The Felimi worried others would find out what Isabella had done. They expected her to die alone, tucked away in a cold, dank room in their cloister, while Noel was taking his time being destroyed by Moag. They expected Noel would die too. Isabella had cried out to him, begging him to hurry. Harvey came and carried her away, to the very edge of Moag, laid her down at the entrance, and stepped into the darkness.

“Enough,” Noel said, shaking his head at the errant thoughts.

At least Isabella seemed to share in his distrust of the Felimi. Did Edward still want to know why they hid the truth of Moag for so long, or had he only been placating him for the sake of attaining the map? Had the old man decided it wasn’t worth the effort to question what really happened to Eri? Noel supposed the Felimi’s part in all of this didn’t really matter much now. Even if they never uncovered why the blind Mothers hid Moag’s existence years ago, the Mardraim had a responsibility to his people today to find out everything he could about the thing, to know exactly where it lingered, and to decide whether he too would bury whatever truth Noel managed to discover about the dark force, Om’s opposite, as he wandered.

That was why Edward was willing to ignore what Noel was doing, Noel thought as he came to the fork in the tunnels where he stopped working the previous night. Maybe he would look for the way out, eventually, but for now, even if Edward was too uncertain of Noel to be honest about his intentions, Noel was doing exactly what Noel needed to do, and this was where his gut had taken him.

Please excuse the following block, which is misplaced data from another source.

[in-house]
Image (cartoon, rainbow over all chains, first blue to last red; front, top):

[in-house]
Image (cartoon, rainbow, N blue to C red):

The depth of the black that loomed in the tunnels before him made the place Noel was standing seem bright as the night under a full moon.

Which way should he go?

On that matter, his gut was silent. Both branches were far too dark for him to make out anything that might be inside. So far he had passed seven tunnels like these, marking them in his book for later exploration, but always knowing that wasn’t where he was meant to go. Now he was at a loss. Perhaps he could go either way and get to the same place? Or maybe there was supposed to be some answer right there where he stood, but that seemed unlikely.

Isabella simply wanted to dive in.

Noel desperately wished Edward would have agreed to try the wards. The woman made it difficult at times to discern his own sense from hers. At least if they used the wards, she would be protected from Moag, he thought, his mind whirring with anxiety as he looked around, hoping for some clue as to what he was to do next. Why was he here?

The fear crept in. Fear of how she had taken some modicum of control before. Fear of the feeling she was not wandering, like him, but searching for something tangible, an answer she thought Noel possessed. Maybe this was her, leading him by the proverbial nose after all, and he should turn back before she got them both killed?